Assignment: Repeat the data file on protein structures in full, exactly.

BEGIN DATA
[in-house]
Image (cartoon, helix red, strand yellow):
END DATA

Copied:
[in-house]
Image (cartoon, helix red, strand yellow):